Once you’ve been raped, the outward shame, emotional scars and social stigma stays with you throughout your life. The victims often suffer from serious medical, psychological and financial conditions after the assault (e.g. unwanted pregnancy, sexually transmitted disease, post traumatic stress disorder or depression).
What upsets me the most is the narrow-minded view of some people that solely blames the victims and exonerates the perpetrators. Aren’t you tired of hearing people say: “oh she got raped because her skirt was too short or she was too revealing”? What might be provocative to you might just be dressing fashionably for some. It’s highly subjective. Furthermore, does it give you a moral right to touch someone without his/her consent just because you find said individual sexually attractive? Of course not!
Victim Blaming, Attribution and Locus of Control

Attribution and Locus of Control are two seemingly the same Psychological constructs that can explain the belief and behavior of victim blaming. Attribution is how individuals explain the cause/s of behaviors and events in their life (Kassin, Fein & Markus, 2008).
While Locus of Control is a belief that one's power over the situation can either be external (control belongs to fate, luck, higher God or other forces) or internal (control belongs to personal efforts and decisions) (Zimbardo, 1985).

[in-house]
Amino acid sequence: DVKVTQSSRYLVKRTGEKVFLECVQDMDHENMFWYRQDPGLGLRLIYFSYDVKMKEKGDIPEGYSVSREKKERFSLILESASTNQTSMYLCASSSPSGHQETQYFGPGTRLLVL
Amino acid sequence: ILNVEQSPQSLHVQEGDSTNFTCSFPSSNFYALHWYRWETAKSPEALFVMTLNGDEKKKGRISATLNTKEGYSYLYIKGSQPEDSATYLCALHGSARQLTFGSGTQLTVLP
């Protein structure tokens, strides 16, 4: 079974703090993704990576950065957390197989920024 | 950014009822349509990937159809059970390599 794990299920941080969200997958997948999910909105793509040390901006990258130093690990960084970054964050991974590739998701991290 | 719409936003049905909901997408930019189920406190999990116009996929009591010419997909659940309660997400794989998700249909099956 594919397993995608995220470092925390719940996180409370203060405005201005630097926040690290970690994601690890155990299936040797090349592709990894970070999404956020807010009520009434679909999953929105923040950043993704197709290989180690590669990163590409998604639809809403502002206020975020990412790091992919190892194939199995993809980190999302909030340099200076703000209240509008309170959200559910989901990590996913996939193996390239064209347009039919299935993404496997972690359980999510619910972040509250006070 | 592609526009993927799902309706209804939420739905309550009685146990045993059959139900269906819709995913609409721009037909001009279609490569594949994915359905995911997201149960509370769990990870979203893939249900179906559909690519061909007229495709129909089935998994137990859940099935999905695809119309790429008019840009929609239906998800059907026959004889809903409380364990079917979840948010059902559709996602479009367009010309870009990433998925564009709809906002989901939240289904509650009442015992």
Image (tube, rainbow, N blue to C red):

Now let’s apply it to a situation… 
John got raped in a narrow alley at 2AM holding a bottle of whiskey in his hand. 
A person with an internal locus of control and internal attribution will say that it happened because he is too reckless and a drunkard. While a person with external locus of control and external attribution will say that he got taken advantage of because it was too dark outside and there were no police or any other people present. (Can you see how different those two interpretations are?)  

Yes! To blame it solely on the victim is unfair but blaming it solely on the perpetrator is too. Instead, we must look at the bigger picture as all factors add up together.

Parting thoughts
We’ve normalized practices that objectify women or men that it contributed to this wrongful thinking and further allowed the perpetrators to feel less accountable for their actions. We stand by the outcry that we must stop blaming the victims. Keep an open mind, provide sympathy, help them rebuild themselves and empower their choices in order to set good examples for the future generations.

Do good. Seek peace and justice for others and yourself. Need we say more?

Read the previous posts: Depression, Awareness and Coping: Know depression, No Stigma , Rest in Paradise

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Kassin, S., Fein, S., & Markus, H. (2008).  Social Psychology. Wadsworth: Cengage Learning

PNP Women and Children Protection Center. (2013).  Retrieved on October 27, 2014 from

U.S. Department of Justice. (2013). 2012 National Crime Victimization Survey. Retrieved on October 27, 2014 from

Zimbardo, P. (1985). Psychology and Life. Retrieved on October 27, 2014 from